I guess I'm thinking of food tonight (I'm home and now back on Jenny Craig….) A great place for pizza in the neighborhood--Famous Famiglia's--really great pizza and a nice owner who makes you feel at home…
OK--I"ll stop for now. ;)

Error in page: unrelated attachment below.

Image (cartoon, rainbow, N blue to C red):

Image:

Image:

Hi Betsy--we almost stayed at the Marriott too. I thought the young man that took my reservation there (which I cancelled later in favor of Bubba and Bean) was one of the nicest, most helpful people I'd spoken to in a long time! I worried unnecessarily about it being too far away. It probably will be a hike, but I ended up walking so much in NYC even staying at 101st and Lexington! And taxis are easy to get if you get tired. I've never been in such good shape in my life--back and forth to the hospital; to other parts of Manhattan on the subway with my relatives when they came; to delis and bodegas (small markets) and supermarkets and drug stores and really great eating places all in walking distance! Before going, just walking one block was difficult, but after 2 weeks, I feel like I can walk forever now. New York is really, really easy to get around in. It's organized on the principle of small neighborhoods, so every block or so there is a little grocery, and a laundromat, and a pizza place, etc. I was surprised because I'm a worrier, and I like to have everything planned in advance, but really, you will be just fine. It will cost you some money, though, if you go out to eat….those "small" amounts really add up after two weeks! Just plan on spending as much on food as you are on your room, just about . :/ I was surprised that I did so much really--but when Jim was in the hospital, he was really tired, and after only a few minutes was ready for us to go--lol! Although sometimes he wanted to just rest but to have me nearby--you just have to play it by ear. Bring a book and be willing to sit in the room or in the family waiting room down the hall (note: Mt. Sinai keeps the rooms *way too hot*! but the patient will be cold. Bring tank tops to wear under layers!) We'll be looking forward to hearing about your visit with Dr. Adams. I'm so sorry I wasn't able to go with Jim to his meeting--I had a really bad cold and just couldn't go. I think it will probably really put your mind at ease--it did for Jim. Jim really liked Dr. Anwanyu also, although he didn't meet him before the surgery. He's an amazing man who radiates peace and good will. It's really true what everyone says--waiting is the hardest part.